Loan forgiveness is a mixed bag

Loan forgiveness is a mixed bag

By Steven A. Smith

My daughter’s message was exciting.

“It’s life changing,” she said.

She had just read President Biden’s executive order providing relief to millions of Americans drowning in school loan debt.

My daughter, Liss, is 32 years old. She is a graduate of the University of Montana who left school with a degree and tens of thousands in debt.

The president’s program will apparently reduce his total remaining debt to around $5,000 and reduce his monthly payments to a fraction of the previous amount. His wife will experience similar relief.

A life changer.

But my daughter’s life-changing loan forgiveness comes at a cost. And when I look at the president’s program through a lens other than the father’s, I have to recognize that cost.

There is nothing particularly unusual about my daughter’s situation.

She graduated from high school in Colorado Springs and could have attended school there. She considered Colorado State University where she would have paid in-state tuition. But ultimately, she decided to attend the University of Montana, which was a great choice but cost a lot more. She had great scholarships, but not enough to cover tuition, books, and housing. She carried her weight, working at a number of part-time jobs throughout school.

But in modern America, it’s impossible for most students to go to college without a loan. That was my experience at the University of Idaho, where nearly all of my students — except for a few athletes and the occasional silver spoon student — struggled to pay their way.

This was also true nationally. More importantly, the amount of student debt has exploded in recent years. This is largely because taxpayer support for higher education has declined, forcing public schools to shift the cost burden onto students through regular, sometimes outrageous, tuition fee increases. tuition and fees.

This was certainly the case in Idaho where, a few years ago, the legislature decided that higher education was not worth supporting, that it was a tool for leftist indoctrination. and not education.

Thus, students bear a disproportionate share of the costs. And the debt burden is often so heavy that a graduate must continue living as a student even after graduating and finding a job. That means roommates, ramen meals, and continued help from parents. Married college students are often so in debt that they can’t buy a decent car or afford to buy a house.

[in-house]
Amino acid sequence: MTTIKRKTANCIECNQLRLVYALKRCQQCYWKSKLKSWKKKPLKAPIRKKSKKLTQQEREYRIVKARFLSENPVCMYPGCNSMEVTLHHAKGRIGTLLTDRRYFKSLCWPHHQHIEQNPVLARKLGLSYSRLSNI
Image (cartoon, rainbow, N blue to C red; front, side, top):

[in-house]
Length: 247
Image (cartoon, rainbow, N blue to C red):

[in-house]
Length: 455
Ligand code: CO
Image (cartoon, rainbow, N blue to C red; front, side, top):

It is a national disgrace and progressives have been asking for some form of relief for years. It was a key issue in the 2020 presidential campaign. But even with the president’s support and Democrats controlling both houses of Congress, there was no legislative action.

That’s why the president last week took executive action.

The relief program has several provisions. But basically, students who have been awarded federal Pell grants can receive up to $20,000 in forgiveness. Those with other federally funded student loans can get up to $10,000 in assistance. Students like my daughter, who have both types of loans, can take advantage of both provisions.

The pardon will only apply to graduates earning less than $125,000 per year or families earning $250,000. Requests for relief will be taken until the end of the year and the relief will take effect in 2023.

Not all progressives happy with relief package Some think it doesn’t go far enough. Students of color generally accumulate more debt and this program offers them little relief. Others believe the income limits are too high, that only the poorest students should qualify.

And of course, that doesn’t apply to loans from private lenders who often shackle graduates with onerous interest and ruthless payment schedules.

But too many conservatives are attacking the plan as if it were some sort of communist plot, arguing, in part, that too many students don’t belong in college in the first place, and we should discourage them from pursue higher education.

Of course, conservatives usually forget that the government subsidizes all sorts of favored programs such as farm assistance, FHA subsidized housing, and veterans loans, as well as huge tax subsidies and rebates for businesses and the super-rich. Try helping out a few cash-strapped graduates and that’s blatant socialism, damn it!

But there are also legitimate and disturbing criticisms. The Washington Post, in a thoughtful editorial, criticizes the program for tax reasons.

The relief package imposes an unfair burden on taxpayers, will contribute to inflation, curb deficit-cutting efforts and fail to help the neediest students, according to The Post, which is generally a supporter of the president’s initiatives.

And the plan isn’t just for those who have already paid off their debts, working hard to do so.

I appreciate all these arguments. And like the Post’s columnists, I’m concerned about the overall fiscal impact.

But my daughter called. It’s life-changing, she says. And as his father, I can’t argue with that.

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